2015, file photo, provided by ABC, correspondent Brian Ross speaks on “Good Morning America,” which airs on the ABC Television Network, in New York. Ross will no longer cover stories involving President Donald Trump following his erroneous report last Friday, Dec. 1, 2017, on former national security adviser Michael Flynn. (Fred Lee/ABC via AP, File)
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Suspended ABC News reporter Brian Ross will no longer cover stories involving President Donald Trump following his erroneous report last Friday on former national security adviser Michael Flynn.

The network on Tuesday confirmed the order by ABC News President James Goldston, who expressed his anger over the error on an internal phone call that was leaked to CNN. ABC declined to make Goldston available for an interview on Tuesday.

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Ross was suspended for four weeks without pay over the weekend. He had reported incorrectly that Trump, when he was still a candidate for president, had told Flynn to make contact with the Russians. That would have been a big development in the ongoing investigation over whether the Trump campaign worked with the Russians to influence the election.

Instead, Ross later corrected his story, based on an unnamed source, to say that Trump’s instructions came when he was president-elect, not a candidate.

It was immediately seized upon by Trump as an example of “fake news,” even with a suggestion that the false report was a factor in Friday’s stock market tumble. Trump tweeted on Sunday that anyone who lost money in the stock market on Friday should consider suing ABC for damages.

In the staff call reported by CNN, Goldston said he didn’t think he had ever felt more rage, disappointment and frustration as he did in the aftermath of the botched report.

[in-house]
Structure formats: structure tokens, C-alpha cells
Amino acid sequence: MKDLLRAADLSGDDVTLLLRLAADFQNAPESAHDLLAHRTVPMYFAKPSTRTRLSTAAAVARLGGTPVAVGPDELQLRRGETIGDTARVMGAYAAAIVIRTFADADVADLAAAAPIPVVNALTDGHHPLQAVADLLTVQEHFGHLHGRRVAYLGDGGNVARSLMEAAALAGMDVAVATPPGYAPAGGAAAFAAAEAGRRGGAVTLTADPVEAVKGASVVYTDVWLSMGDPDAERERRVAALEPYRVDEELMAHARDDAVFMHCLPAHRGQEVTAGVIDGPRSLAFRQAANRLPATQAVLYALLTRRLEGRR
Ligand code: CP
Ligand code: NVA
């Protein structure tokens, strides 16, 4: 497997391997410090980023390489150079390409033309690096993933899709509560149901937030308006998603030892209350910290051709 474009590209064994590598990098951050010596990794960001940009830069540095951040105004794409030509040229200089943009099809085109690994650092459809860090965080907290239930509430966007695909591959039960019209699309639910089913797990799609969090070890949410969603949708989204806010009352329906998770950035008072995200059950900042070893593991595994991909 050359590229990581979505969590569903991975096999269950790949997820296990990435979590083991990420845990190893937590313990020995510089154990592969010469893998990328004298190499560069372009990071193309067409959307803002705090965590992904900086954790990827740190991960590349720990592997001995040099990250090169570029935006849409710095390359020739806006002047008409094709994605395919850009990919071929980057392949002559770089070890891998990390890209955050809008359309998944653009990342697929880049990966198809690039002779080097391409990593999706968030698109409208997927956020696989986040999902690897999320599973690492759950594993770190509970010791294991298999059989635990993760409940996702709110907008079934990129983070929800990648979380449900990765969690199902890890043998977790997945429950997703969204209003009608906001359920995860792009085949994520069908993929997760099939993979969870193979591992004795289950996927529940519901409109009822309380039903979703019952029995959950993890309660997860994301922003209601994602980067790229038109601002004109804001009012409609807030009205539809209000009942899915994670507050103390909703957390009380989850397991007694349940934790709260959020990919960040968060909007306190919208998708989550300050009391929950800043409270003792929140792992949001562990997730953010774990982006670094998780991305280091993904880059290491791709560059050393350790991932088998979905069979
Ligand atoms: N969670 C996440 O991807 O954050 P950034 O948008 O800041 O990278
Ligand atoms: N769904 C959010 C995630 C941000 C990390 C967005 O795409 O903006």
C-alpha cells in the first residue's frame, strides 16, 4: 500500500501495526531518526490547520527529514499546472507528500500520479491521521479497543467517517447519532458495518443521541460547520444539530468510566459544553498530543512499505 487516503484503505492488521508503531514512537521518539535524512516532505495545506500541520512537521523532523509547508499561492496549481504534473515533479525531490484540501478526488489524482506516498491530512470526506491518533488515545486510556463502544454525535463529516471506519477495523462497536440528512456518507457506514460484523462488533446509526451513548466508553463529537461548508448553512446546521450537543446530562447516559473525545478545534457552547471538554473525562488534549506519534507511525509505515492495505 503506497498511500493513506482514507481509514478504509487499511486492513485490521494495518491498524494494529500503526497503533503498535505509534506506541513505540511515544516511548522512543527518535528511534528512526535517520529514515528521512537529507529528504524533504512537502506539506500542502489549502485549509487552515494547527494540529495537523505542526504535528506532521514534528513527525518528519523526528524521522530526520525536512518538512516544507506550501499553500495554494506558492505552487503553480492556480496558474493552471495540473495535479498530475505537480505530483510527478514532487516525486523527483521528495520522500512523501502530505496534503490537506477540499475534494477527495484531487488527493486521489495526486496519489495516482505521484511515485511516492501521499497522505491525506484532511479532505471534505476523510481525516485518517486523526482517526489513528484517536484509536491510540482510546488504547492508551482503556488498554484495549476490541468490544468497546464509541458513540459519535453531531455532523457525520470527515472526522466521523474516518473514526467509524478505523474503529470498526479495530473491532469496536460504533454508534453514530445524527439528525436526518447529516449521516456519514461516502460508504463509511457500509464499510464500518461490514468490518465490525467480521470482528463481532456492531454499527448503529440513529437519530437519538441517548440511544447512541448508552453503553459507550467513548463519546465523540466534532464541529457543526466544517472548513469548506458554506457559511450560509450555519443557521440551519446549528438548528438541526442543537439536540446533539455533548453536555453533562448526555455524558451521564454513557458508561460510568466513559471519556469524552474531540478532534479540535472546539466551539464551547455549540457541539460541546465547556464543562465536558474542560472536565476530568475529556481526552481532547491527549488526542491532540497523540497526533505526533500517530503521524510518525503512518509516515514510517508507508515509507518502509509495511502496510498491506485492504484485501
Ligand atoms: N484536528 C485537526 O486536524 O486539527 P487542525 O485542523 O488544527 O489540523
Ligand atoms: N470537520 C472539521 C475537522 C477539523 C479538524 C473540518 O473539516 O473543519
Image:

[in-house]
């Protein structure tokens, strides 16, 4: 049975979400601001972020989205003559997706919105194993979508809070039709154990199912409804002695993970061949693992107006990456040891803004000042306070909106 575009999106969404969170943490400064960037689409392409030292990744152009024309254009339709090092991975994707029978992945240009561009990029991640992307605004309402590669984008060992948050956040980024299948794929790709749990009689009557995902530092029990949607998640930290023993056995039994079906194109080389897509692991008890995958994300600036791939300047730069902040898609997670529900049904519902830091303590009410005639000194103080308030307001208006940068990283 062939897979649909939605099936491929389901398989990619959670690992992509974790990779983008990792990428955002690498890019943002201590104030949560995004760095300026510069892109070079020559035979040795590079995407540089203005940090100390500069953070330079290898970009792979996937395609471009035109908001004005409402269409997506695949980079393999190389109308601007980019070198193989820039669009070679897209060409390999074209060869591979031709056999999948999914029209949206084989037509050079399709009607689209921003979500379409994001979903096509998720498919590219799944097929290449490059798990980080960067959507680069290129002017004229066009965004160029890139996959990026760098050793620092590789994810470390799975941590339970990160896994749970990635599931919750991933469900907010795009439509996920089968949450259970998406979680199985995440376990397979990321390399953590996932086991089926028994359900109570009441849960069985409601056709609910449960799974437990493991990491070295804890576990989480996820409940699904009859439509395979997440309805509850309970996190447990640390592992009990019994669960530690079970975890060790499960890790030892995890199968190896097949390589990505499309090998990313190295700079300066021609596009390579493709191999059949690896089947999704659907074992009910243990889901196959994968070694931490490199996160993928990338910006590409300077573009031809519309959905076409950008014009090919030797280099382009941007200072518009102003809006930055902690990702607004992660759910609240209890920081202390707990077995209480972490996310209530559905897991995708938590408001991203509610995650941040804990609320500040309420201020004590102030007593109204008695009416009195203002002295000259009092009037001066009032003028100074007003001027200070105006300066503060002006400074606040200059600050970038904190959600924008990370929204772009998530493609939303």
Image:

“I don’t even know how many times we’ve talked about this, how many times we have talked about the need to get it right,” he said. “That how we have to be right and not first. About how in this particular moment, with the stakes as high as these stakes are right now, we cannot afford to get it wrong.”

He also expressed frustration about why it took the network several hours to correct the report. ABC did not dispute CNN’s reporting about Goldston’s comments.

The mistake came at a time that the impact of Trump’s attacks on the media is becoming clear. The Poynter Institute this week, based on a survey taken in early November, said that 44 percent of Americans believe that the media fabricates stories about Trump more than once in a while. Roughly three-quarters of Republicans believe this, Poynter said.

The survey also found that 31 percent of Americans agree with the president that the media are “the enemy of the people.” Among Trump supporters, 63 percent agree with that conclusion, Poynter said.

Journalist Sally Quinn, while promoting a documentary on her late husband, former Washington Post editor Ben Bradlee, spoke Friday roughly around the time Ross was making his mistake about the pressure journalists are under now.

“Everyone has to be more careful, and every story has to be vetted more than ever before,” she said. “If one person makes a mistake it makes us all look bad. We all get tainted.”

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